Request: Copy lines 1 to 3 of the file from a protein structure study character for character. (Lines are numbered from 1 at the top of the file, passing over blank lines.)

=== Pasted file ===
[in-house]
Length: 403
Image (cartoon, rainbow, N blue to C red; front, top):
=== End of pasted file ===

[in-house]
Length: 403
Image (cartoon, rainbow, N blue to C red; front, top):